Why Having Your Adult Child On Title To Your Home Or Bank Account Is A Bad Idea
Tuesday, 13 October 2015
by Ricky Nelson, JD
- Your child’s future creditors can take what you consider to be your assets. If you make your child a part owner to your house or bank account, then any of your child’s future creditors will be able to take your child’s assets including part of your home or bank account. Now you might say to yourself that your child is responsible and won’t have any creditors that they can’t pay, but even if that is true, there are some events that create creditors to even responsible people like divorce or car accidents. For example, if you and your spouse decide to add your oldest son to your home as joint tenants, then your son would own 1/3 of your home. If your son then gets a divorce, then his soon-to-be ex-wife will probably have a marital interest in your home. You would then have to buy her out of the 1/3 interest or she may force the sale of your home.
- It makes you liable for gift taxes. You can only give a limited amount to an individual each year tax free. For 2015, that amount is $14,000. If you give someone more than $14,000 (either in cash or anything of value, including an interest in your home) then you have to pay gift taxes. For example, if you and your wife decide to add your oldest son to your home as joint tenants and your home is worth $300,000 (even if you owe $400,000) then you gifted your son $100,000 and you would owe gift taxes. There are other tax related problems that this can cause, like loss in step-up-in basis and loss of property tax benefits.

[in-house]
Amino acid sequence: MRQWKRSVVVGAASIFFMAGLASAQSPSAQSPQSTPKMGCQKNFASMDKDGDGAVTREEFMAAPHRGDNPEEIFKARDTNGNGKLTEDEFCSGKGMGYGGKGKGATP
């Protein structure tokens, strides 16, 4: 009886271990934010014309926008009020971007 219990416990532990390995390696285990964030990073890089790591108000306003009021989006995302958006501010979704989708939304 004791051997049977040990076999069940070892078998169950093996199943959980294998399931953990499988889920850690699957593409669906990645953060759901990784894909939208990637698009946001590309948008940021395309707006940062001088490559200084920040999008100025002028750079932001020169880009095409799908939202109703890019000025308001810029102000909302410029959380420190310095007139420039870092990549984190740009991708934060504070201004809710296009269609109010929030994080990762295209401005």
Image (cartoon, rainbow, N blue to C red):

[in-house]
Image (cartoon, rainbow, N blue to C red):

- It creates extra potential liabilities for your child. For example, if someone gets hurt on your property and your home insurance doesn’t pay for it all, then just as your child is a joint owner, they are jointly responsible for any damages.
- You lose complete control. We have all heard of the story of some adult child kicking his elderly mother out of her house after she put him on title. Most people who do put their kids on title will say that their son or daughter would never do that, but everyone has seen a family member do something that was completely out-of-character. At my office we call that “getting a bonk on the head.” You don’t want to have to worry about something like this.
- It creates inheritance problems if you have more than one child. The couples who meet with me who have put their child on title when they have more than one child always tell me that they want all their kids to receive equal shares after they die and that they have informed their child who is on title with them that the child should give equal portions of the house to the other children. If this is what you want to do, then putting one child on title is a bad way to do it. The child on title is under no legal obligation to give equal portions of the house to the other children, in fact if the child does give portions to the other children, then that child may have to pay gift taxes on those gifts.
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